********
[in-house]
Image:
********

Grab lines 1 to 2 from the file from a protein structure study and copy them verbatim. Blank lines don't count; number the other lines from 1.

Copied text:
[in-house]
Image: